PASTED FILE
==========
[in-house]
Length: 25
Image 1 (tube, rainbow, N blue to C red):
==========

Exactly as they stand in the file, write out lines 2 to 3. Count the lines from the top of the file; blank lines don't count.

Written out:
Length: 25
Image 1 (tube, rainbow, N blue to C red):